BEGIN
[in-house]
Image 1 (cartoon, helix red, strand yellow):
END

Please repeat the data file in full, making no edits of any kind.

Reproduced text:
[in-house]
Image 1 (cartoon, helix red, strand yellow):